“We started this project back in 2008, but unfortunately, it got stalled. I really want people to know it is going to happen,” she said.

Is a new library needed?

“Our current library is great, but it’s limited by its size,” said Masten. “We have a tremendous library director who does a phenomenal job with the space she has. Imagine what she could do with a larger library.”

The current Smyrna Public Library at 107 S. Main St. has 4,918 square feet including the first floor and basement. The second and third floors of the building are home to the Smyrna Opera House. The proposed Duck Creek Regional Library would be about 18,000 square feet on one floor.

Expanding the current library isn’t an option, she said, because the library borders streets on two sides, a building on another, and the Opera House lobby and box office.

The Delaware Council on Libraries recommended the new library in the Smyrna area to the Department of State, said Katie McDonough, administrative librarian with the Delaware Division of Libraries. The Council on Libraries includes two members elected annually by each county library advisory board and seven members appointed by the governor.

The proposal for the Duck Creek Regional Library includes $4.4 million in state funding for construction and furnishings.

Masten said although some people think that the need for libraries is decreasing in this digital age, the opposite is true.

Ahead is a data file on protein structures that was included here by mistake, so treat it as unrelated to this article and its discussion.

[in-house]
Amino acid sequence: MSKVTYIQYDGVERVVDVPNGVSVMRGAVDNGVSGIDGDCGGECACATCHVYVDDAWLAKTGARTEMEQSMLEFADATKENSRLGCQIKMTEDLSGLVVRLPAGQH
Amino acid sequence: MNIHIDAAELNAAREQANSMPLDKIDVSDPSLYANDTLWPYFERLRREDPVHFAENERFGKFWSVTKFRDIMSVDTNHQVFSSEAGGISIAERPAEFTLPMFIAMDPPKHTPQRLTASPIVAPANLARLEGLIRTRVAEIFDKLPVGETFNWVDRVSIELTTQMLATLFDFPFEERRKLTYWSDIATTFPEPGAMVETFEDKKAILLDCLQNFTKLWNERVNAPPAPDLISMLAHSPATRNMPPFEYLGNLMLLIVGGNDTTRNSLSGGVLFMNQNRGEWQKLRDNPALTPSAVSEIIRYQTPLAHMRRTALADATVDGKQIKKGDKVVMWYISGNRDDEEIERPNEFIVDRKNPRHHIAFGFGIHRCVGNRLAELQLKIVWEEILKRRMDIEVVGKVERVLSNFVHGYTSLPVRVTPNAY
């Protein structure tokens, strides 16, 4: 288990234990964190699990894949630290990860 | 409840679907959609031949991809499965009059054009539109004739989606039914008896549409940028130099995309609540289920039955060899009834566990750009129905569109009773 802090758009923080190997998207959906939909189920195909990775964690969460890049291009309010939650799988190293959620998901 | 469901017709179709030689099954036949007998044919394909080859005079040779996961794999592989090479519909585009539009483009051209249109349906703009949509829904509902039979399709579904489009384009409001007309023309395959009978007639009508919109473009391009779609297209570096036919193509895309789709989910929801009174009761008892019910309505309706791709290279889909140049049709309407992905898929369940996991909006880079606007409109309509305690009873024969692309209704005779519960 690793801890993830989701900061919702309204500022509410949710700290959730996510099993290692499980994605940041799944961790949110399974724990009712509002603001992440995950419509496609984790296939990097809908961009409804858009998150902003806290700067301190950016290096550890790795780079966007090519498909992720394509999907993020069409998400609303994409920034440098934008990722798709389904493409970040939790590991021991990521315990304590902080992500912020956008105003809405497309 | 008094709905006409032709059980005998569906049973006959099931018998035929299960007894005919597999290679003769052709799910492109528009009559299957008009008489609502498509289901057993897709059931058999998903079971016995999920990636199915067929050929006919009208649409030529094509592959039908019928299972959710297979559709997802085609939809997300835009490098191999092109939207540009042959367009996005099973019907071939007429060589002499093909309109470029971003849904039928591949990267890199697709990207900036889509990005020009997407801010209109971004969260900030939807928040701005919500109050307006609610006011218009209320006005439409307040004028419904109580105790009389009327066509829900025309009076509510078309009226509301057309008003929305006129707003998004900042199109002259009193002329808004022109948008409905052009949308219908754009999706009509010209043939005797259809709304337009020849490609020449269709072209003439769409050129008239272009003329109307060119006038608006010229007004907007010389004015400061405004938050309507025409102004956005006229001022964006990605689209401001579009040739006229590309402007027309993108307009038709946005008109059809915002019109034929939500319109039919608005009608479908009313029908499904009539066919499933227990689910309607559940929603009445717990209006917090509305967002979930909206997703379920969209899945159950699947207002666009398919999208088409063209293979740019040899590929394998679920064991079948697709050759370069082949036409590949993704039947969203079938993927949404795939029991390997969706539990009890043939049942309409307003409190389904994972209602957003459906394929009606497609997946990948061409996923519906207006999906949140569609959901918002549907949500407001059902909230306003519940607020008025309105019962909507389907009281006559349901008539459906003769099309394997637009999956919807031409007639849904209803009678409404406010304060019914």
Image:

“The need for library access is especially urgent for the disenfranchised, those without computers, the elderly and the financially challenged,” she said. “Without a library and its services, these people will truly be left behind.”

Computers and internet access are needed for student research, and, over the past year, virtual school classes, along with job searches, job applications and access to a wide variety of services.

“The issue with the current Smyrna Library is there’s only a small bank of computers, and you have to sign up for time slots,” Masten said. “Not all kids have computers and internet access at home, and it’s needed more than ever.”

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She also thinks the library will be one of the keys to downtown prosperity.

“For downtown to survive, we need foot traffic,” Masten said. “If people have a reason to come into town then the surrounding businesses should benefit.”

Cost and tax proposals

The estimated cost for the first proposal, the two-story library, was about $12 million. The cost of the smaller, one-story project should be less.

In addition to the $4.4 million the state has budgeted for the project, the Friends group has raised about $750,000, and hoping for more donations.

The Friends group is in talks with Kent County leaders about a new library tax district that would fund the annual operating costs of the library. A public hearing would be held on the plan, and the majority of county commissioners would have to approve it.

The extra cost for the average homeowner in the new library district which includes those inside and outside town limits would be about $25 more per year in property taxes, according to Kay Wheatley, consultant to the Friends group.

The group is also working with New Castle County for funding because a portion of the Smyrna School District extends into New Castle County, Masten said.